Another key aspect of limiting code vulnerabilities is to test against known intrusions. No security testing regime is complete until you try to break into the running application. Inadvertent errors or unforeseen consequences of specific practices can uncover security weaknesses that aren't apparent using other types of analyses even when you have a degree of assurance that the application was developed with good coding practices and security in mind.
In the past, people have hired professional hackers to attempt to compromise their applications during this phase of testing but the practice isn't recommended. You could also engage a security consultancy that specializes in mock attacks against applications, but that is typically a one-time event that cannot be performed multiple times across the application lifecycle.
A better approach is to automate security testing through attack simulation, a process by which software creates and pretends to attack the application with known paths of intrusion. The value of attack simulation is that it verifies that the application cannot be breached by known means. This also gives you the ability to fix and verify potential issues before your application goes into production.
Find Security Weaknesses
Attack simulation can find a wide variety of security weaknesses in an application. One popular and often successful attack is the buffer overflow technique that allows an intruder to overwrite the memory reserved for an input value and corrupt the application. If successful, the intruder can overwrite the function's original return point, substituting a new value pointing to his own executable code.
Another example of an attack is to enter escape characters such as "%" into a data field within an application, a trick known as parameter tampering. Left unprotected, this can enable intruders to exit from the application and be able to send commands to the operating system or database, run scripts, change values of cookies, or perform similar types of actions. In any of these circumstances, the intruder can perform a wide variety of actions that can compromise or destroy data, or even bring down the application or system.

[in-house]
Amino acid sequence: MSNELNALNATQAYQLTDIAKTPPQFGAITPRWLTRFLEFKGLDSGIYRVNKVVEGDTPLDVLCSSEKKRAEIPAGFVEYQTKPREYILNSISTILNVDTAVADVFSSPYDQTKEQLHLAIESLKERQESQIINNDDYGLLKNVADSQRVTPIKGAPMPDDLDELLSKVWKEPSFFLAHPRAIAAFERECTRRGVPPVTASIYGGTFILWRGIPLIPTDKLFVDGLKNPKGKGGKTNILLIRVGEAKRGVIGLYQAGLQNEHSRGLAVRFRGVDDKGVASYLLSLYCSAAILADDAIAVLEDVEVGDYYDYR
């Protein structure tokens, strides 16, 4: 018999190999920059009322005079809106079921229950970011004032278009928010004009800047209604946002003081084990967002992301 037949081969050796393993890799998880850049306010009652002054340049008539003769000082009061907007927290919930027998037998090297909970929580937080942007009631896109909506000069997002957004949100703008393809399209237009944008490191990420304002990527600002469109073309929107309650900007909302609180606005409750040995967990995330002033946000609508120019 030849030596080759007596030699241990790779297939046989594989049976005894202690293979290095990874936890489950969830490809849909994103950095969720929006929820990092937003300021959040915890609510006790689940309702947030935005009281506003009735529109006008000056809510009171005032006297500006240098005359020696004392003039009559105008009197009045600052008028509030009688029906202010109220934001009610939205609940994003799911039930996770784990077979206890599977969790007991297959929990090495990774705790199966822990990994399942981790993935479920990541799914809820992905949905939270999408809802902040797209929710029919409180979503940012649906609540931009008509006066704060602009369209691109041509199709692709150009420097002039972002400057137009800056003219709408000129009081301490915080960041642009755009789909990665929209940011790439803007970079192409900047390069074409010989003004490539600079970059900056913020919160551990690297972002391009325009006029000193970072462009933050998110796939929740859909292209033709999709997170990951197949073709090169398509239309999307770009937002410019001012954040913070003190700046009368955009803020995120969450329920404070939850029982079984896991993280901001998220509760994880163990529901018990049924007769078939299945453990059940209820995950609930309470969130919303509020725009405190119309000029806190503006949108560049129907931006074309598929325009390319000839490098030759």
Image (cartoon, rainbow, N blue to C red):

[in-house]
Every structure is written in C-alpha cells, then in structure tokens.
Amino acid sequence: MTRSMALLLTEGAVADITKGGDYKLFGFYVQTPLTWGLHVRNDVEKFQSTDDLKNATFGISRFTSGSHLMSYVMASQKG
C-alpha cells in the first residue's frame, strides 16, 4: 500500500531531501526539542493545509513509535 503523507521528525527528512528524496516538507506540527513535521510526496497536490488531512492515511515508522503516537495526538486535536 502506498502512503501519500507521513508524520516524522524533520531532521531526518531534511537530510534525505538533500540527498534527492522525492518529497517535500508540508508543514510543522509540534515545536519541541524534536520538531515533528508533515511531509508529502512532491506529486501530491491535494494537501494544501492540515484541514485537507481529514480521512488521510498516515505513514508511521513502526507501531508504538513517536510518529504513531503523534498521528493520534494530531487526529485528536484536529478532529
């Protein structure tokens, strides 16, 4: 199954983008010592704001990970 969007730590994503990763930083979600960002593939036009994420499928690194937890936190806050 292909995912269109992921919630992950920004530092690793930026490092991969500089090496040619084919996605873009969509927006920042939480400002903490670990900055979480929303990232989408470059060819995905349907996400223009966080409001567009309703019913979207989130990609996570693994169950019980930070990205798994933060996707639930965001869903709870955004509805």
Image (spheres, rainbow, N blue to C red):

Buffer overflow and parameter tampering are relatively simple attacks, albeit they can cause a great deal of damage if successful. You can inhibit or prevent both of these particular types of attack by checking and verifying all user input prior to processing it. Anything that doesn't conform to a legitimate entry should raise an exception and be rejected; remember to send an appropriate message to the user as you do this (see the sidebar, "Plug Common Security Holes").
There are also many less well-known, but equally effective attacks that intruders can perform on a running application. The ability to have these attacks run automatically at different points in the application development lifecycle gives you the flexibility you need to find potential weaknesses early and ensure that any problems are addressed during development.
Providing security for enterprise computing assets is more important today than is was in the past because there is so much more to protect. It's true that the things you lose from security breeches today—money, system stability, and data—are the same things that you lost 10 years ago, but today the consequences are much more significant. Any downtime at all on an e-commerce Web application can cost an enterprise millions of dollars, and the loss of data can result in more than lost revenue; it can also mean legal or regulatory difficulties for your company.
Protecting your infrastructure from outside attacks is important, but you must protect the applications too. Relying on firewalls alone means that anyone who can get past that level of protection is free to create havoc with any application running within that infrastructure. Applications have many known potential vulnerabilities; once inside, intruders can exploit those vulnerabilities in the pursuit of money, information, or chaos. Intruders inside the enterprise are already inside the firewall, and frequently have some level of access to applications, making them the most dangerous kind of intruders your enterprise might face.
But others, especially professional hackers, have techniques for getting past infrastructure defenses and compromising data, applications, or even entire infrastructures. There are known techniques for coding and testing that you can perform during the application development process to ensure that your developers use best practices to reduce most security weaknesses. These techniques can also help you find and fix these weaknesses before you put your applications into production. Automating these practices makes it possible to enable the development team to focus on building features into the application, while also ensuring a high level of security.
Delivering applications that are resistant to intrusion helps protect the enterprise against theft or destruction of one of its most valuable assets—its information. Just as your enterprise locks its doors at night and uses alarms for physical security, it must build secure applications and run them on protected networks for cyber security.